- “Power is coded male. And we have to change that” – Uh, no.
- Gotta play the race card too, huh? “Isn’t it shocking that there isn’t a black woman on this panel?” – I’m sorry but this really turns me off of her talk.
- Women who complain to authorities are dismissed and silenced. Tells story of 100s of adolescent girls groomed by the Rotherham Gangs. Women are shamed when they speak up. They are told what happens to them is their fault. That is the power of patriarchy. Cultural norms created by men and sold to women.
- Then she tries to cap it off with “We want men and women to work together as equals and have great relationships” How can they do that when you clearly have such a low regard of men and their so-called “patriarchy”?
- There are distinctions between ass squeezing and sleazy remarks. No one is suggesting there is an equivalence. We all live in the same soup in which women’s inequality is suspended(?). Women learn survival techniques to deflect the sexual culture. We hid our hurt.
- Well maybe we should uh… put on our adult pants and not hide our hurt. Say something. Speak up for yourself. Stop being polite and just fucking let him have it.
- Women feel like they have to give blowjobs to get overtime or get a weekend off with the kids. I would just love to know just how prevalent this is these days. Maybe I’m really isolated though. As a lawyer she does not want to see a lessening of the standards of proof. She caps her remarks with an admiration for Germaine. “We felt inspired by you. We’re all travelling in the same direction to make a better world.” She seems to accuse Germaine of not being “with” the new feminists, which already feels like a cheap shot. She probably IS with the feminists, but she’s accepting a more nuanced view. We should show the same generosity of spirit to others who also want to end discrimination and violence. Who could disagree with that?
Melanie Phillips – 31:50
- I am still a feminist, I just define it a bit differently. Goes without saying that we all disapprove of rape or sexual assault of any kind, unwanted sexual advances, etc. Powerful men and ordinary men can behave very badly toward women. Metoo has become a movement that has turned into demonizing men in general. Presents men as brutish and oppressive and women as their victims.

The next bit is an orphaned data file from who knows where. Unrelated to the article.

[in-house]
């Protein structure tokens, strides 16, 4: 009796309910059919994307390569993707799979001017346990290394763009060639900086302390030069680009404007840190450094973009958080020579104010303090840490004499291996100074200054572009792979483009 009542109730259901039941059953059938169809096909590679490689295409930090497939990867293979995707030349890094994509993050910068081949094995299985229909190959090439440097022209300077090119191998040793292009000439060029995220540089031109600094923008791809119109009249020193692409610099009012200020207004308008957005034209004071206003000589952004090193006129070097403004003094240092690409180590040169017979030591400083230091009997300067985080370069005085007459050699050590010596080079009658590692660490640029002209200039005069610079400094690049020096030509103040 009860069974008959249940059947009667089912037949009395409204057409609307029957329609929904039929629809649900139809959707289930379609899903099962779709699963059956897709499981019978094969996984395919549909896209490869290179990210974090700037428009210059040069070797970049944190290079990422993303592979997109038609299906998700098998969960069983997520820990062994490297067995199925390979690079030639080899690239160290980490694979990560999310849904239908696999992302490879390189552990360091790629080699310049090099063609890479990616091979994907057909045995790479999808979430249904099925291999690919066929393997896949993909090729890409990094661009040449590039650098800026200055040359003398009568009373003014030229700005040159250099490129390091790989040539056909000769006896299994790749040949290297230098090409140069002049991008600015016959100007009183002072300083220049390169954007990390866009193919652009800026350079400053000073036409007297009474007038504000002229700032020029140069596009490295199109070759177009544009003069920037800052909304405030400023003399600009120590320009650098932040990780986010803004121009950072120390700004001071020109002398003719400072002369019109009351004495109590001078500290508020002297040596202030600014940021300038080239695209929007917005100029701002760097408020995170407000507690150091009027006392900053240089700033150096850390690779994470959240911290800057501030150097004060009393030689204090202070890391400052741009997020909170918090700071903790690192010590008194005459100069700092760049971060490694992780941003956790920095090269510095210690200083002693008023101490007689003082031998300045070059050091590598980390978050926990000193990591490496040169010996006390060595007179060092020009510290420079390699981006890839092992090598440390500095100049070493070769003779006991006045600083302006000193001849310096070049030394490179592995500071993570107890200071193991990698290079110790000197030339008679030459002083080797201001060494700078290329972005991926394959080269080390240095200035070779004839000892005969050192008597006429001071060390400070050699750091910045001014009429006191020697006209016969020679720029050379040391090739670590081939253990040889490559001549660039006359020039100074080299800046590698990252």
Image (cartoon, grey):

- Disproportion – Rape is a serious crime and is rightly regarded as so. There’s no argument here. However it’s gone too far because men are being pilloried for groping, flirting, putting arm around shoulder, leering, etc. It’s brutish, pathetic, ill-judged, and stupid but should NOT be lumped in with rape. E.g. Making a pass at someone now gets you on the sex offender list. (She provides real example.) Was what happened to him really a proportionate response? Unwanted advances happen all the time. W-M, M-W, M-M, W-W. Are we really entering a world in which we are going to criminalize all inappropriate behavior? Women should just be clear that these advances are not welcome. But apparently we are all victims now.
- Complicity – Women can be complicit. Should we be blaming the victim? That means that the “victim” can taking no responsibility for what they do, it infantilizes women. Treats them like they’re so incapable they can’t see what’s coming and avoid it. (Tells story of presidents club) (Harvey Weinstein – Women made a decision to go along with it to advance their career) Were these women intimidated? Do these women really feel like they were at a point where they thought “I have no other option but to have sex with this man”? Complain, tell your friends, go to authorities? Also, why do we assume that women are always telling the truth? Put a #metoo sticker on it, and everyone takes it as truth. People say that rape convictions in this country are too low. TOO LOW?? By what standard? Only by the standard of someone who assumes that anyone who is accused of rape is actually guilty!
- Hypocrisy –
That’s all for now because I am tired. Maybe will pick it up later.
Featured Image : Pixabay